There is little riding on Friday night's World Cup qualifier against Jamaica for the U.S. men's national team. The Americans have already booked their ticket to Brazil.

Don't try to make that argument to goalkeeper Tim Howard, though.

"I think we'd still like to finish top of the group. That's important to us. We did that last cycle and felt really good," Howard said. "It's also an opportunity to impress. It's an opportunity to be in front of Jurgen (Klinsmann) and the coaching staff."

That may be the most important reason for the U.S. team to show up. There are only five international fixture dates before the start of World Cup training in May, and while Klinsmann is starting to narrow down his potential roster, there are still jobs to be won.

"I always said the door is always open. Maybe there are some surprises still around the corner that we don't know yet," Klinsmann said. "I think we have a pretty good picture to understand where the players are at right now. We have an idea of how we want to plan the team for Brazil. But we still want to use those FIFA fixture dates to the greatest extent."

The U.S. assured its place in Brazil with a 2-0 win over Mexico last month, taking most of the pressure of its final qualifying games against Jamaica and next week against Panama. The winless Reggae Boyz are still mathematically alive, but they need to win their final two matches just to have hope of sneaking into an inter-continental playoff with New Zealand.

"We have to win," Jamaica coach Winfried Schaefer said. "There is no choice for us."

The U.S. already has set a record for wins in a calendar year with a 14-3-2 mark, topping the previous record of 13 wins set in 2005 and 2009.

"We're looking forward to the game, a sellout crowd, a great atmosphere, and like we've said, we want to finish off on a high note," Klinsmann said Thursday. "We want to go for six points in these last two World Cup qualifiers."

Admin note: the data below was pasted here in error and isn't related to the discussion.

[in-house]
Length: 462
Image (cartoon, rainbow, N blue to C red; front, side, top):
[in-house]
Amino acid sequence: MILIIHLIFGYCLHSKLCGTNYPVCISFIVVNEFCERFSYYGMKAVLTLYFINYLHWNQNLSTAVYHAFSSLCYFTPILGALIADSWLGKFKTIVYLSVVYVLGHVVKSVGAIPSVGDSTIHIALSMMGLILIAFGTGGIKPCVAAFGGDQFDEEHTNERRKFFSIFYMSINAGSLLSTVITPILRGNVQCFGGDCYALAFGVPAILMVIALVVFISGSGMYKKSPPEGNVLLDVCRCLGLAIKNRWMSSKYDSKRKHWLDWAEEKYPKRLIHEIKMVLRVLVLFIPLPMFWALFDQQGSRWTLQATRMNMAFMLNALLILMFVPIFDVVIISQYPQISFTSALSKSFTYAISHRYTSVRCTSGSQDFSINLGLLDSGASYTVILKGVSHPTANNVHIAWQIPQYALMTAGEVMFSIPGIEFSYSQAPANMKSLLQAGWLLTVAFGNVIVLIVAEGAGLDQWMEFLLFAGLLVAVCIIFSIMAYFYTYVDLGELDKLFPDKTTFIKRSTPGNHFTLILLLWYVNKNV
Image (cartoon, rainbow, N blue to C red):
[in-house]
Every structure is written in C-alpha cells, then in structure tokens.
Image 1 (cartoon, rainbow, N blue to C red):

That's part of the reason he's brought a veteran roster to Kansas City. Seventeen of the 20 players on the initial training roster were part of the group that prepared for Mexico, and three more veterans joined the fold on Thursday to prepare for Jamaica.

Chris Wondolowski replaced forward Eddie Johnson, who strained his left groin in a training session on Wednesday. Johnson was scheduled for an MRI exam later Thursday.

Midfielder Brad Davis and forward Chris Wondolowski also joined the team. Davis played in Houston's scoreless draw with Sporting Kansas City on Wednesday night, while Wondolowski scored the game-winner and Goodson went 90 minutes in San Jose's 1-0 win over Colorado.

The injury to Johnson came after Klinsmann already had to replace defender Omar Gonzalez, who strained his left hip in an MLS game last week. He was replaced by Michael Orozco.

"We've had some setbacks with injuries," Klinsmann said, "but as always it is what it is. We make the best of it and we still have the same objectives."

The U.S. team is perhaps better suited to deal with the sudden rash of injuries than any other time in Klinsmann's tenure. One of his greatest laments when he took over the national team in July 2011 was the lack of depth throughout the roster.

Along with adapting to Klinsmann's style of play, that was one reason why the U.S. struggled early on, losing four times in his first six games. But the groundwork was being laid for what's turned into a strong World Cup qualifying run. The U.S. has won three of its last four matches in the hexagonal, including its dominant 2-0 victory over rival Mexico on Sept. 10.

"We always talk about the marathon in World Cup qualifying, and sometimes it goes down to the last game," Klinsmann said. "If you make it earlier, it's great, but there will never be a perfect two-year stretch in the process. There will be some defeats. We'll try out some things that don't work. But I think we've become much more consistent in our entire program."